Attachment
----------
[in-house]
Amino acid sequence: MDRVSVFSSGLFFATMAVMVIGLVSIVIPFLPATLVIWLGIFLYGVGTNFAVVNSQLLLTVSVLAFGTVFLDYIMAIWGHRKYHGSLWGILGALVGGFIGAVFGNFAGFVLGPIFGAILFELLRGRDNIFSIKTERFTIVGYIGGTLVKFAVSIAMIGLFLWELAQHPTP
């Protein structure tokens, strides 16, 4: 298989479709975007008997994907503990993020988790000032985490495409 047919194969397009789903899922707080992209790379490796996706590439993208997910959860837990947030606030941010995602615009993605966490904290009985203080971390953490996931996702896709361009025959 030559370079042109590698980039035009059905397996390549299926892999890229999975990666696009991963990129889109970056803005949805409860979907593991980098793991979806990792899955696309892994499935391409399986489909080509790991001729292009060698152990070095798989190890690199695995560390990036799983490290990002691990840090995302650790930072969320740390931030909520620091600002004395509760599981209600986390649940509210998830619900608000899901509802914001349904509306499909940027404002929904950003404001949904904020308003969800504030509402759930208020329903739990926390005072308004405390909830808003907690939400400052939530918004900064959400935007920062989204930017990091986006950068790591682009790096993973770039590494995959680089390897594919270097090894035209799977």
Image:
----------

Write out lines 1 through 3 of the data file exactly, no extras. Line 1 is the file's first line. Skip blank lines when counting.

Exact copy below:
[in-house]
Amino acid sequence: MDRVSVFSSGLFFATMAVMVIGLVSIVIPFLPATLVIWLGIFLYGVGTNFAVVNSQLLLTVSVLAFGTVFLDYIMAIWGHRKYHGSLWGILGALVGGFIGAVFGNFAGFVLGPIFGAILFELLRGRDNIFSIKTERFTIVGYIGGTLVKFAVSIAMIGLFLWELAQHPTP
């Protein structure tokens, strides 16, 4: 298989479709975007008997994907503990993020988790000032985490495409 047919194969397009789903899922707080992209790379490796996706590439993208997910959860837990947030606030941010995602615009993605966490904290009985203080971390953490996931996702896709361009025959 030559370079042109590698980039035009059905397996390549299926892999890229999975990666696009991963990129889109970056803005949805409860979907593991980098793991979806990792899955696309892994499935391409399986489909080509790991001729292009060698152990070095798989190890690199695995560390990036799983490290990002691990840090995302650790930072969320740390931030909520620091600002004395509760599981209600986390649940509210998830619900608000899901509802914001349904509306499909940027404002929904950003404001949904904020308003969800504030509402759930208020329903739990926390005072308004405390909830808003907690939400400052939530918004900064959400935007920062989204930017990091986006950068790591682009790096993973770039590494995959680089390897594919270097090894035209799977």